What is “Love”?
What is love?
Baby don't hurt me
Don't hurt me
. . . .
I want no other, no other lover
This is our life, our time
We are together I need you forever
Is it love?
(“What Is Love?” Lyrics by Dee Dee Halligan and Junior Torello, 1993)
Five weeks into our relationship, on a warm August night, Susan and I were enjoying a romantic dinner on the deck of an outdoor restaurant that overlooked Three Mile Harbor Marina in East Hampton, New York, where the summer sun shimmered across the inlet’s dark blue water. Susan wore a simple white, sleeveless dress that matched the sea of white tablecloths around us. She sat facing me and the water, bathed in the soft golden glow of the setting sun as it washed over her face and highlighted her beautiful blonde hair that cascaded onto her shoulders. She radiated beauty and serenity. I hadn’t planned to tell her how I felt about her, but as dinner unfolded and the wine flowed, the idyllic, romantic setting worked its magic on me. I leaned across the table, looked into her eyes, and softly murmured, “You know, I love you.”
Susan simply smiled and nodded approvingly, saying “I know,” and that was fine with me. I was relieved that I’d laid my heart on the table and she hadn’t reacted negatively, but I was also fairly certain she felt the same way and would eventually say so. To say those words and embark on a voyage without knowing where it will lead is one of the scariest parts of falling in love. Hopefully, it will be the beginning of a positive, healthy, and long-lasting love.
But many of us wonder, what exactly is “love”? Does love just happen?
There is a neuroscientific definition of love expressed by researchers Francesco Bianchi-Demicheli, Scott Grafton, and Stephanie Ortigue in their article “The Power of Love on the Human Brain.”1 They describe love as a complex state involving erotic, cognitive, chemical, and goal-directed behavioral components that cause the active striving for the happiness of a loved one. The scientific examination of love is explored more deeply in Chapter 5 of The Essential Rules of Love, but it is worth introducing here because it is consistent with and supports the views of the psychology experts.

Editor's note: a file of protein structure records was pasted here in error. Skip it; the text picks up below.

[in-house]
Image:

Love also helps the intended beneficiary discover who they really are. Leo Buscaglia, renowned author, motivational speaker, PhD, and a professor at University of Southern California, known as “Dr. Love,” believed that the essence of loving another is to assure them we are dedicated to their growth or realizing their limitless potential. He wrote that a couple should “use their united energies” to help each other through “the endless process of discovering who they really are, then revel forever in this continually changing knowledge and discovery.” He professed that this was the only way “that human love can flourish.”
He provides further details: “Love, then, recognizes needs, physical and emotional. It sees as well as looks, listens as well as hears. Love touches, fondles, and revels in sensual gratification. Love is free and cannot be realized unless it is left free. Love finds its own path, sets its own pace and travels in its own way. Love recognizes and appreciates its uniqueness. Love needs no recognition, for if its effect is recognizable, it is not true love at all.”2
Through this process, love becomes an agent of change in both persons, because one lover bestows on the other an importance commensurate with his own.
This post is an excerpt from The Essential Rules of Love: A Practical Guide to Creating a Harmonious, Healthy, and Happy Relationship.
“This is a book born of tears and laughter. There is certainly no shortage of authors who have tackled this subject but few have overturned as many rocks along the way and unearthed such a wealth of insights in the process. Those of us who have managed to spend time with Mr. Russotti will attest to his resolve.”
- William Parker, LCSW
“We get education for our careers but we rarely ever get education for our relationships. Phil’s The Essential Rules of Love is a book that I WISH I had before I was married and divorced.”
- Theadora Vosse, Single or Divorced Relationship Podcaster
“The book was purchased as a gift for Valentine's Day, but instead of giving it away, I gave it to myself.”
- Emily C.
“This is, as it must be, primarily a love story. One told with striking depth of feeling.”
- Paul D.